Looks like a well made smoker, like they said I would use less fuel burning hotter.  May try smaller diameter pieces of wood, they burn hotter so you will get less dense white smoke.


Good Luck



post #5 of 12

ciscokid, one thing that you did not mention was your primary heat source. Are you using an all wood fire or are you using charcoal briquettes and just using wood for the smoke flavor?


If you are using all wood, do what les, mark and al suggest and build you a hot small fire.


If you are using charcoal and using wood for flavoring, use the  Minion method for starting your charcoal and use a couple of wood chunks about the size of a hocky puck or a tuna can.


You migh also want to think about building a charcoal basket for use in the sfb-it will allow you to have longer burn times.


Also, please swing by Roll Call and introduce yourself to all the fine folks here~


Enjoy the Smoke.

post #6 of 12

Ohhh Cisco!



Everything has just about been covered already---Tongue numbing is definitely creosote---Bad stuff!


I don't use that kind of smoker, but listen to these guys who do---They know their stuff!




post #7 of 12



We've all been there, but you have to learn from this.


For long smokes, I would make a "Charcoal Maze".  It's a charcoal basket, based on the "Minion Method" for burning charcoal.





Here's a few pics:






No Creosote! A-Maze-N Smokers

post #8 of 12

Sounds like there is plenty of info here to help you out. Cresote is some bad stuff. I have made a few cresote bombs in my day as well. Thin blue smoke is what you are looking for not thick white smoke. Less is more in this case.

post #9 of 12

I have a smoker similar to yours and I have not been able to burn pure wood like you are attempting to do.  I have started using lump charcoal, with my wood on the side.  If you are going to run straight wood, I think you need to start it in a burn barrel, and then transfer it to the smoker once you get past the thick white smoke stage.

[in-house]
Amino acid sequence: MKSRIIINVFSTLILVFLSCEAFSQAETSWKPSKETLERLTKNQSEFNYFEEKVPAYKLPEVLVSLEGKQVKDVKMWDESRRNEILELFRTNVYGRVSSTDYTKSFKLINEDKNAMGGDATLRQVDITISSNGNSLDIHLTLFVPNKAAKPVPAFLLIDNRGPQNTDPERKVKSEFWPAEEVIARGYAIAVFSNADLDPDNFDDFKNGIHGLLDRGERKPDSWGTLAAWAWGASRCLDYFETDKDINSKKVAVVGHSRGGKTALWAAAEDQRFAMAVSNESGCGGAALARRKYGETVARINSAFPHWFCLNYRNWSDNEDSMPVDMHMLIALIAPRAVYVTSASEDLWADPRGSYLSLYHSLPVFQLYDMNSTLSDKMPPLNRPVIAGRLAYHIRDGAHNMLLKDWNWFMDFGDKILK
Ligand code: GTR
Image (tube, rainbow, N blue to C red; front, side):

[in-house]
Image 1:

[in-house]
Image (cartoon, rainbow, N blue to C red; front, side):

I have had great success setting my smoker up like this:


I start out just like the picture, then dump about a half chimney of lit lump on top of the pile of unlit lump.  You can see how the splits just sit there and smoulder and give off really nice thin blue smoke.  If you chunk them straight on the fire, you get smoke like an apartment fire.






post #10 of 12
Thread Starter 

Thanks for replying and thanks for all the usefull info. ,The wood I am using is seasoned for about a year ,but I'm going to preburn the wood into embers before I add the meat to the smoker and preburn the wood before adding it to the smoker.I cant wait for the snow to melt ,it's about 3 ft. tall around my smoker and its 5 degrees f. ,wish it was spring!

post #11 of 12

Sounds like a good plan to preburn.That will help ya with temps to,if you need to you can just add more hot coals and without any dips in temps.It will also help with the creosote and the over smoking! Let us know how it works for ya!! Good luck!

post #12 of 12

Why not just use Lump Charcoal??



No Creosote! A-Maze-N Smokers